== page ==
The general advice here is to not worry, remain calm and at peace, something that is easier to do if a degree of sattva has already been cultivated and most of the rajasic and tamasic energies have already been somewhat subdued. In time, these vasanas (tendencies) will naturally express themselves. If they are allowed to rise up, be experienced and felt (ie. not suppressed) without acting them out, then they will naturally purify themselves in time and the balance of sattva will naturally arise. However, if the vasanas are indulged in, then they may continue indefinitely, and the freedom-realisation may even be lost (apparently). Just knowing this information can make a huge difference (apparently).
It is for this very reason that most traditional approaches stress a period of purification prior to being introduced to the ‘higher’ non-dual teachings. Shankara often advised that seekers purify themselves with devotion to God and developing certain qualities prior to reading/listening to the higher teachings of Vedanta.
But what seeking ego wants to wait? And why should it, right! Most teachings are no longer guarded behind the secret screens of a religious patriarchy and are freely available on YouTube and Facebook, something which is largely good as far as I can see, but it is useful to be aware of the downsides and potential negative consequences.
Abuse, Crazy Wisdom and Asshole teachers
Teachings/teachers which do not stress purification prior to or after awakening tend to be the ones in which you get the abuse scandals and the crazy-wisdom teachings in the worst cases. In better cases the teacher may just be a bit of an asshole at times, which is not the worst thing in the world, and to be honest, who isn’t an asshole at times? We are all human, after all (apparently), but it is a matter of degrees. With sattva, the chances of being rude, ignorant, abrasive and uncompassionate vastly decreases, but of course can occur from time to time, usually without the teacher intending to be offensive. When tamas and rajas predominate in a teacher, the distortion will be apparent in the teaching and its energy, and the teacher will likely act out their egoic vasanas from time to time and cause suffering to themselves and others accordingly.
You can often sense the energy of a particular teaching from energy the group of long-term seekers who are keyed into that particular teaching. Some teachers attract tamasic seekers, others attract rajasic ones, and others sattvic ones. Of course it doesn’t always work exactly like this – these are just general rules.
Take in these teachings, and see if they are true for you.
These teachings are not meant to be judgemental
Please note that these teachings are not meant to be judgemental in any way. Things are the way they are, everything has its place (apparently) and appearances not-withstanding, things generally work out in the end.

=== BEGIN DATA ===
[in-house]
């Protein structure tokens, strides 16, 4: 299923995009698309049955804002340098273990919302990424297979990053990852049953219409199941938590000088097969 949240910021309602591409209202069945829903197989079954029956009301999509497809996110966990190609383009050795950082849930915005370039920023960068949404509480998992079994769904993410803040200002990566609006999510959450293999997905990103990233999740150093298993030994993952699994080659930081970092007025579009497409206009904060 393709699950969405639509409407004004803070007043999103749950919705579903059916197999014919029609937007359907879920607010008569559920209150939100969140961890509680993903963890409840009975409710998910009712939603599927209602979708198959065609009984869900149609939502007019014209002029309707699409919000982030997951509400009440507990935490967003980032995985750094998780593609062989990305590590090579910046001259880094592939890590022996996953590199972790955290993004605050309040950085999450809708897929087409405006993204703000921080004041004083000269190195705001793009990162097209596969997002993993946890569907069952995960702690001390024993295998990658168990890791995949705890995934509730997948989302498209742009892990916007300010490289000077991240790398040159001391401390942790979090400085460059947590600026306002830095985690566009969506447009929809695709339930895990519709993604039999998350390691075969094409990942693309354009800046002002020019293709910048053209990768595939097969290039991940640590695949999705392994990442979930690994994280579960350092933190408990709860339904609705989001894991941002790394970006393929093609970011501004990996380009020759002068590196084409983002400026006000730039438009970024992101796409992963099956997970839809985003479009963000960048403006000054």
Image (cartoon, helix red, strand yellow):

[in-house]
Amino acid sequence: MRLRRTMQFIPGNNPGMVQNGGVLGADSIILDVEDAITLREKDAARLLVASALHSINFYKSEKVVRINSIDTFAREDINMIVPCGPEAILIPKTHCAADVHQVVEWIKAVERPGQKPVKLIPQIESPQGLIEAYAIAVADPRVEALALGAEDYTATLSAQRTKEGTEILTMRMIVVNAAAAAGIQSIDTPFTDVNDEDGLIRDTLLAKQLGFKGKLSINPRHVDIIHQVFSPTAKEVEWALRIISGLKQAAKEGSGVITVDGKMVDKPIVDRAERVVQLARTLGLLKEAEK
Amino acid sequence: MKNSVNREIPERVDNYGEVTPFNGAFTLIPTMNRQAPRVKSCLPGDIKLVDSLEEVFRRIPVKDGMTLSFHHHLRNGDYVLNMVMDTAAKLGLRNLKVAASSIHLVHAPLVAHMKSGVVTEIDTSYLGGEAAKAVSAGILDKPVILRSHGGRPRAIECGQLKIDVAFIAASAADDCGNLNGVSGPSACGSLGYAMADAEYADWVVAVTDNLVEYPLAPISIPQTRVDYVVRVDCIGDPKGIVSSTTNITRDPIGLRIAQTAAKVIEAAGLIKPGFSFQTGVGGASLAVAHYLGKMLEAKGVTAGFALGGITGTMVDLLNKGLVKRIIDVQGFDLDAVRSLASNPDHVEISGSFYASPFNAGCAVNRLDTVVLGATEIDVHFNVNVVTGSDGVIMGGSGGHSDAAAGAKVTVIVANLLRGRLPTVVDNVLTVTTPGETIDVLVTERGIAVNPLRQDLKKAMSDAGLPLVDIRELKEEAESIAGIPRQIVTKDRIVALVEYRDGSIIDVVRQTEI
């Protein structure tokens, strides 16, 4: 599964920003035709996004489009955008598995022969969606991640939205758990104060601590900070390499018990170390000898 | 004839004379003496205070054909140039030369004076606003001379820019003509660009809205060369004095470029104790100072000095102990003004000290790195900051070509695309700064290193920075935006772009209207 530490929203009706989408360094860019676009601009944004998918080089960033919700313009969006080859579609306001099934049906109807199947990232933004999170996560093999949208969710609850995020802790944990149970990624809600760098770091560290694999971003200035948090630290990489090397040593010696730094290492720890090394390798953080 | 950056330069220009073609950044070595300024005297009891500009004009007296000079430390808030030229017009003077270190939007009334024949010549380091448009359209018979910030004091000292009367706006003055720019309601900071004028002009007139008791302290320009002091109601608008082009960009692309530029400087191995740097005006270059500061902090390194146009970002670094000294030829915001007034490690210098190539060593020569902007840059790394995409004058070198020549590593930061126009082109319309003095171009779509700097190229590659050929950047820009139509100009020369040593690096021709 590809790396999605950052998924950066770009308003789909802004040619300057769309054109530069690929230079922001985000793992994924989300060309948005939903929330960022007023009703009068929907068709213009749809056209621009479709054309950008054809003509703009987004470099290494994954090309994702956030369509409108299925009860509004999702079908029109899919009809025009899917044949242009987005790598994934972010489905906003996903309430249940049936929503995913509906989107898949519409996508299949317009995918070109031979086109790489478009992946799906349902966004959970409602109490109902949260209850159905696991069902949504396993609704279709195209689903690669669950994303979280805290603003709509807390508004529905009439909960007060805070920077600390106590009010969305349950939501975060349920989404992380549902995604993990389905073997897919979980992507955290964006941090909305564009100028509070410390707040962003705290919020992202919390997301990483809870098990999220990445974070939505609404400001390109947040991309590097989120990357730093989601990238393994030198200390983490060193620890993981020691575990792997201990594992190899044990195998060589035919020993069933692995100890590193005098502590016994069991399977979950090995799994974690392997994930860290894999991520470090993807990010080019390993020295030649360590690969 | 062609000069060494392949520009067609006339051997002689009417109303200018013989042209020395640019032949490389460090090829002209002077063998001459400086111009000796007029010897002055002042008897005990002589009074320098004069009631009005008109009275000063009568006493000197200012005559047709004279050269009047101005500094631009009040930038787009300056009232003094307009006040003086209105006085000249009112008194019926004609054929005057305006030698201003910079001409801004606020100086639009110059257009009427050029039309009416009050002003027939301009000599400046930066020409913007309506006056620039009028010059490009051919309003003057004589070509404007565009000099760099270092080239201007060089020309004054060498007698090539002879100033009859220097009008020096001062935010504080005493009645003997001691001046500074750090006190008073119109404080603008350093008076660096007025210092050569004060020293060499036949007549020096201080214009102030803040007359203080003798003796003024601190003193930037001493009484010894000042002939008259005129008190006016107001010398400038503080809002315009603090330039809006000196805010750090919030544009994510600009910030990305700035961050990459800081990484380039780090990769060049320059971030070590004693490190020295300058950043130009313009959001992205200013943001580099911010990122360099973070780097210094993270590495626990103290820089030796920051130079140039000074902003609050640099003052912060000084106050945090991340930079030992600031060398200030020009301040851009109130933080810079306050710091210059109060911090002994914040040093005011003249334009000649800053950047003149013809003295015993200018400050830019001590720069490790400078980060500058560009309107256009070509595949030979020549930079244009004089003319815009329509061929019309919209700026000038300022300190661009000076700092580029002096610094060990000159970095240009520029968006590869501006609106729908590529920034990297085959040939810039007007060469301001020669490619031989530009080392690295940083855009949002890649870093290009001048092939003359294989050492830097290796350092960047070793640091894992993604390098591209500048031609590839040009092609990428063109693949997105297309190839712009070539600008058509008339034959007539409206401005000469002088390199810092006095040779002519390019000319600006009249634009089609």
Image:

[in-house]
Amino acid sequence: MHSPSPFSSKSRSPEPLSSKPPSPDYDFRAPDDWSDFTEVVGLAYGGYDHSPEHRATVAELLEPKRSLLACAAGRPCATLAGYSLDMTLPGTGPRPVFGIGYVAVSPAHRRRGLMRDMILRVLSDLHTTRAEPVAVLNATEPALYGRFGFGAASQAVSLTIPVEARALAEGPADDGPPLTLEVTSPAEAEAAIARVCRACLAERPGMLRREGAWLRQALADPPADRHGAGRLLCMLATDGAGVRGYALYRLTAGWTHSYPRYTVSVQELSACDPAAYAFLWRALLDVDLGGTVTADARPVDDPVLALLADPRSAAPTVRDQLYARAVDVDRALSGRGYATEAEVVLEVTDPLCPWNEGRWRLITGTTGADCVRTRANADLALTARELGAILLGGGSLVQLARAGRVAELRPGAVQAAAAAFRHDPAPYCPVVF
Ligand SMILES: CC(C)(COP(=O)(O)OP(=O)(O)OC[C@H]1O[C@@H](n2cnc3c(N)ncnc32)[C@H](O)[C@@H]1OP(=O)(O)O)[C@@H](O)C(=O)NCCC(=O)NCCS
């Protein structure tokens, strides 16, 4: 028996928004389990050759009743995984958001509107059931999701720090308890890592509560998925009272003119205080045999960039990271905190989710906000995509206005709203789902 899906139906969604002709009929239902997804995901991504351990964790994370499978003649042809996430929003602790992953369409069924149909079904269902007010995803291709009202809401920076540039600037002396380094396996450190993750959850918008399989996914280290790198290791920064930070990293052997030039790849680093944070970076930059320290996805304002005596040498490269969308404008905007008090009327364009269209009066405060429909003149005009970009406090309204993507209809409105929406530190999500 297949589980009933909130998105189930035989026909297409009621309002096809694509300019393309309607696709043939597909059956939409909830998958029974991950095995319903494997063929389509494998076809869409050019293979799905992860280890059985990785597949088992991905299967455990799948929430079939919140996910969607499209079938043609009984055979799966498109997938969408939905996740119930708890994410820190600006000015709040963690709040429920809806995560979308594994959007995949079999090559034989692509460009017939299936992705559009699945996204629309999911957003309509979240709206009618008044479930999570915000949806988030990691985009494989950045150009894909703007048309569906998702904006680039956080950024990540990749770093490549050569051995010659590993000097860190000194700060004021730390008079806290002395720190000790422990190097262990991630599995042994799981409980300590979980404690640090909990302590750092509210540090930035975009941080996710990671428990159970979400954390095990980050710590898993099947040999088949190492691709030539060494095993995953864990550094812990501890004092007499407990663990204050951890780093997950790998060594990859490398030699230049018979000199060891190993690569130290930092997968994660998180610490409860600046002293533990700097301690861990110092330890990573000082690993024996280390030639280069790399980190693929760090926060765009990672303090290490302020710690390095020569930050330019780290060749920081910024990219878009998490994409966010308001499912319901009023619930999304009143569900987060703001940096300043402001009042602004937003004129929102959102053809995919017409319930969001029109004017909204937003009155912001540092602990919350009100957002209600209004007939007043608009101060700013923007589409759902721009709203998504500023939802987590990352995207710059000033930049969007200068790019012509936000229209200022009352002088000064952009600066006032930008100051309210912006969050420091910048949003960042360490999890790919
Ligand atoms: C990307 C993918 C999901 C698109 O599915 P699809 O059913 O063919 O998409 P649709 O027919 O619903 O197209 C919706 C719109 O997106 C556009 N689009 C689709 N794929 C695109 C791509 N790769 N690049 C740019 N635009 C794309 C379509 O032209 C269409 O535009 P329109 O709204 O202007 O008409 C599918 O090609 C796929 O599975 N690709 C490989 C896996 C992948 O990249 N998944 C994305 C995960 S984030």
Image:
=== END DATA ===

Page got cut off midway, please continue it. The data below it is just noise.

The teachings are meant to give one a framework within which one can orientate oneself towards becoming happier and more at peace. We all (the body-mind, that is) have different characteristics: some are tall, others short, some are more physically-abled, others less so, some have had opportunity and wealth, others grew up in poverty amidst domination and authoritarianism. Each of these brings certain strengths and weaknesses to our character and skill set.
The same with our gunas. We are all dealt a unique ‘hand of cards’. Clearly seeing what we have been dealt with in life, acknowledging it, and then learning how we can make the most of where we are is what this teaching is all about. It is about providing tools for the ego to enable it to wade through illusion in a way that reduces unnecessary suffering and most effectively leads to realisation of what already is.
As I said, these teachings are just a guide. There are likely to be exceptions that do no follow the rules. Please let me know if they have been useful for you, or if there is anything I have glossed over or got wrong. I hope they are of benefit.
Wishing you peace, clear-seeing and love
Yuanwu (1063-1135) was a great Chinese Ch’an (Zen) master, a key figure in Chan teachings who is most famous for writing the Blue Cliff Record. He wrote several letters which are instructive and insightful into early Ch’an/Zen teachings and in the except below he writes about false enlightenment and the perils of instant enlightenment without practice, something that has never ‘been a part of the real practice of Buddhism’:
Some people hear this kind of talk and jump to conclusions claiming:
“I understand! Fundamentally there is nothing to Buddhism – it’s there in everybody. As I spend my days eating food and wearing clothes has there ever been anything lacking?”
Then they settle down in the realm of unconcerned order ordinariness, far from realising that nothing like this has ever been a part of the real practice of Buddhism.
Later on in the same letter Yuanwu writes:
Nowadays there are many bright Zen monks in various localities who want to pass through directly. Some seek too much and want to understand easily.
As soon as they know a little bit about the aim of the Path and how to proceed, they immediately want to show themselves as adepts.
Yet they have already missed it and gone wrong.
(The above excerpt was taken from ‘Zen Letters: teachings of Yuanwu’ translated by JC and Thomas Cleary, p. 27-29)
For more on Yuanwu’s comments on the zen way to attain enlightenment see here:
Questioner: I am always at your feet. Will Bhagavan give us some upadesa (teaching) to follow? Otherwise, how can I get help living 600 miles away?
Ramana Maharshi: The sadguru* is within.
Q: Sadguru is necessary to guide me to understand it.
RM: The sadguru is within.
Q: I want a visible Guru.
RM: That visible Guru says that he is within.
The above excerpt is from Talks with Sri Ramana Maharshi, talk no. 434
Q. Hi Tom, who do you think is the best spiritual teacher, or could you name some teachers you respect?
A. There is only One Teacher.